Now let me get this straight. Goldman Sachs (GS), aka "Government Sachs", has just received the largest penalty ever imposed on a financial firm. Yes, a whopping $550 million.
Relative to Goldman's 2009 net income of roughly $12 billion, this represents less than 5%, or about two weeks worth of earnings. In the case of British Petroleum (BP), they were arm-twisted into establishing a $20 billion escrow fund, or about 15 MONTHS of 2009 income. BP's escrow fund is to compensate victims.
For Goldman's victims, they were assessed $300 million, payable to 2 European Banks. Forgive me, weren't there a whole lot of other victims? So, BP is paying about 70 times that of GS. Seems reasonable to me.
BP's market capitalization has fallen by about half from peak to trough, a wipe-out on the order of $100 billion. BP's shareholders are the public. Goldman's market capitalization is down only 20%. It's shareholders are very largely Government Sachs alumni in senior policymaking positions. And, of course, management.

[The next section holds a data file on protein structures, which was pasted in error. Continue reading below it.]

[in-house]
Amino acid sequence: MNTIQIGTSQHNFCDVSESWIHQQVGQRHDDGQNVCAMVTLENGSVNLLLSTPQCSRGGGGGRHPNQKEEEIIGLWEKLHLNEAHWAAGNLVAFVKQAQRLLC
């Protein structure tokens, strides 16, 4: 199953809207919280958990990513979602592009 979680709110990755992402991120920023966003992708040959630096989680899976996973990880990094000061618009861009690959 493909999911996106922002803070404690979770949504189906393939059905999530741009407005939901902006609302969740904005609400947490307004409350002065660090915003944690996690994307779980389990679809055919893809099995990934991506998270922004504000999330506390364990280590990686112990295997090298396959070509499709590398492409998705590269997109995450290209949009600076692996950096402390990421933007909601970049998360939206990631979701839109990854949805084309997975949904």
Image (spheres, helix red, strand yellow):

Are you beginning to see the problem here?
BP may still have stiff penalties imposed on it. The investigation is far from over.
Ok, so one company's alleged negligence led to economic disaster and the other's to ecological disaster? Is one that many times worse than the other?
Could the difference have anything to do with the rather sizable number of GS alumni in the government? Lloyd Blankfein walks away unscathed. Tony Hayward is driven out of Dodge.
Goldman's settlement permits it to walk away, while admitting virtually NO wrongdoing. Do you think that BP will be so lucky?
One can assume that investigators and senior officials of the SEC knew what they were doing. After all, why would they EVER want to bring down their future bosses?
Goldman officials praised the settlement. Yes, you read that correctly. Goldman officials praised the settlement! Doesn't that, in and of itself, say something? Do you think for one minute that the remaining BP officials will be thinking what a great deal they got?
But, Goldman had another huge reason to celebrate: the passage of the financial reform bill. Not only are Goldman's business interests protected, but the bill establishes new regulatory bodies. A full employment act for Government Sachs at government expense!